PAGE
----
14' Series My 14.44-4 Journey

Prydey

Member
Apr 24, 2018
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Woodcroft, Adelaide.
Finally picked up our van on Saturday. Just a lazy 1000km round trip almost.

Hooking up at Jayco Mt Gambier


Lunch at Naracoorte on the way home


Nice and tidy inside




And a vital piece of equipment already purchased. Its no match for the grinder and espresso machine, but with benchspace at a bit of a premium, and in the vein of keeping things simple, we decided to go down this path. Tested it at home and its acceptable.


Towed really well. I bit bouncey on rough roads, but not enough to cause any concern. I don't have a 12v compressor, so couldn't increase the rear tyre pressures to what they should be for towing, so that will help next time.

Really happy with the overall condition. Have 12v water pump (shurflo 4009) ready to go, and 200w solar, victron mppt regulator and victron 2000w inverter coming. I can do some of the install, but I think I'll leave the solar panel to the professionals. Not that keen drilling through the roof. I'll leave it to someone who's done it all before.

Let the journey begin.
 

Drover

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Just make sure they leave at least 50mm gap between the roof and panel, more air flow under the panels the better, large footed alloy angle on the roof mostly glued holding it all down with some screws for positioning, screws on their own not great as not much for them to bite into...........

Set your tyre pressure when cold (20-25c) then once they get hot, if between 4-6psi higher then all good, if pressure higher then add more air if the same then too much air inn tyre, don't rely on the tyre placard...... always check your wheel nuts don't rely on others say so, with alloy rims ideal to use a torque wrench on them when cold, you will find they wont change usually but check when cold, swinging off a wheel brace when they are hot is not a good idea with alloy rims... I find using a torque wrench I never loose the tension... unless a stud has broken.

Van looks good, they are a brilliant rig I reckon.....
 
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Prydey

Member
Apr 24, 2018
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Woodcroft, Adelaide.
Shurflo water pump installed... Just have to wire it up.




Was hard to take pictures to get a good overview.

I leave the mains going to the hot side of the mixer tap.

I put a T piece in the hand pump line and connected the pump. I put a tap between the hand pump and T piece to isolate the hand pump. I realise there is a non return valve below the hand pump already but in my experience with the previous van, the pump could suck air back through that tap and valve, so a permanent tap installed in the line fixed that. It never gets used but I leave the hand pump there just in case the battery fails or pump fails.

The pump outlet I run up to the cold side of the mixer.

I fill my tank from the house, with filtered water (underbench filter system). Yes, that takes a while at roughly 2L/min but I just set a timer and leave it. Check it about 35-40min later.

So if we have a water hook up, it's tank water for drinking, cooking etc and mains for washing.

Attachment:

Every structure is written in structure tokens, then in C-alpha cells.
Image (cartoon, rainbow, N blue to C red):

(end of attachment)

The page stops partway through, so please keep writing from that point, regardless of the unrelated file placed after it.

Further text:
To wire it in, I'll probably put a gauge with an isolation switch just inside the door on the end of that cupboard. You can see factory wiring at the back of the under sink cupboard in the pic. I'll follow that through. To get to the battery I'm going through the floor and under the van and back up in to the battery area. I have conduit but unsure of exactly what I'll do going through the floor, whether to use just a rubber grommet or a cable gland.

Hopefully by the end of today it will be functioning.
 

Drover

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Looks nicely done and sounds like it should work okay, the water lines to and from pump I would run a bit of insulation over them where they touch things as a good chance they will transmit the pump noise....

The only concern I have is the power point in that position, its not safe at all, shouldn't be in the same enclosure as the water lines, even moving the point higher up its not safe , I would relocate it to an adjoining cupboard away from the danger.
 

Prydey

Member
Apr 24, 2018
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Woodcroft, Adelaide.
Power point there is factory. I realise there is some risk if there is a leak but I think it's a small risk. Maybe I'll add a piece of something under the switch, covering the pipes just in case.
 

rags

Well-Known Member
I dont think the power point is an issue. Plumbers and electricians have been sharing cupboard space for ever, I can think of mult occurances in the home, the kitchen sink cupboard is the best example with the power point for dishwashers and dishwasher connection and drain hoses, water filters connected with John Guest fittings and braided hoses that will fail within 5- 10 years all sharing the same space. The spa bath pump is another example.
 

Prydey

Member
Apr 24, 2018
46
52
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Woodcroft, Adelaide.
Switch installed


Spent a lot of the morning trying to find a water tank level gauge that included a pump switch, and looked half decent, but the only ones we came across were big chunky things or didn't include a switch. Will have to source something from online, although checking water level via the fill tube has worked good enough up until now. Anyway, having wasted half the day, and then F1 taking care of the rest, I didn't quite get as much done as I'd hoped. Just put a standard switch in for now.

I did run some wires to the battery just to test everything and all worked perfectly. At least I know it all works.
 

MDS69

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Jul 6, 2014
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Coast to Coast do tank gauges with pump switches. Single tank and twin tanks.
 

Drover

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I dont think the power point is an issue. Plumbers and electricians have been sharing cupboard space for ever, I can think of mult occurances in the home, the kitchen sink cupboard is the best example with the power point for dishwashers and dishwasher connection and drain hoses, water filters connected with John Guest fittings and braided hoses that will fail within 5- 10 years all sharing the same space. The spa bath pump is another example.